Seven Productive Things To Do When You’re Bored At Work
Do you work in an office? Are you contractually obliged to be at your desk from 8-4 (or similar)? If so, it’s likely that at least some of the time, you’ll be feeling bored. Some days, there just isn’t quite enough to fill the hours (or you convince yourself into believing that!).
A quick Google search for “bored at work” will give you plenty of ideas for pointless, time-wasting activities that could amuse you for all of two minutes. But why not take boredom as a signal to start on some productive, positive action?
Here are seven great things to do at work if you’re feeling bored – all of which will help you advance towards your goals.
- Improve Your Skills
Whatever job you work in, it’s likely that you can brush up your skills. Many offices have textbooks and manuals relating to the job that you can read.
If you can’t directly improve your work skills, how about learning the ins-and-outs of Microsoft Word, or Powerpoint, or your email program? Having a strong grasp of the computer software you use daily can help save you a surprising time and make you more productive.
- Help Someone Else
While you’re sitting twiddling your thumbs because you have nothing to do, chances are that someone else in the office is running around like a headless chicken, wondering how on earth they’re going to get everything done.
Spotted someone quietly panicking about their workload? Go over and ask if there’s anything you can help with – maybe photocopying some documents for them, organizing a mail-out, or even just running out to the store to get them a sandwich at lunch time.
Do it because you’re a nice person, not just because you’re hoping they’ll return the favor some day!
- Ask Your Manager For More Work
If you regularly have too little work, or if it’s all so unchallenging that you can whiz through it on a Monday morning despite your hangover, then talk to your line manager or boss.
Try not to give the impression that you’ve been sitting around doing nothing for weeks (oddly, bosses react badly to this), but mention that you’ve found the workload a little lighter than usual. If you know about any upcoming projects that you could get involved with, try suggesting this. It could be a great chance to make progress towards the next level in your career.
- Ask To Cut Your Working Hours
Depending on how much you like your job, and how much of your salary you need, another option is to ask to cut down the hours which you work.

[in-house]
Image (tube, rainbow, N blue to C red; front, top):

For example, you might want to do a four-day week (and cut your pay to 80% of its current level). This could give you time to write a novel, start a new business, or simply readdress your work life balance.
If you do go down this route, ask if you can do it for a month on a trial basis. That way, if either you or your boss feels it isn’t working out, it’s easy to go back to the old arrangement.
- Keep An “Odd Jobs” List
There are always little jobs that need doing which, for one reason or another, we keep putting off. These might be dull, low-priority, fiddly tasks. Sometimes, they’ll only take 15 or 20 minutes each.
Keep a running list of all these small, non-urgent tasks, and when you end up with downtime at work, challenge yourself to tick off as many as possible. It’ll keep you from getting bored, and often getting these jobs off your mind can make you feel a lot less stressed or frustrated about work.
- Tidy Your Desk
One task that most of us put off is tidying our desk. When you don’t have much to do at work, take the time to clear all those stacks of paper and file them properly. Chuck away any junk that’s accumulated in your desk drawers. Replenish your stationary supplies, if necessary.
Working in a tidy environment where you can easily lay hands on everything you need will do wonders for your stress levels and state of mind. Keeping your desk clean and tidy also suggests that you’re an organized, efficient person – definitely a good message to send to your boss!
- Socialize With Colleagues
A quiet day at work is a good chance to socialize with colleagues. This can help you in your career (people are more likely to support and help those who they’re friendly with and who they feel warm towards). It can also help you to enjoy your job – wouldn’t you rather work in an office where the people around you are friends, rather than strangers?
Even if you feel you have little in common with your colleagues, you might find surprising points of connection. Take the time to go for lunch with someone, or just to ask the person sitting next to you how their day’s been. Please Note: Use some tact with this one. You don’t want to become the office gossip or someone that prevents others from getting their work done!
How do you use your down-time at work productively? Do any of the above tips work for you, or do you have some of your own to add?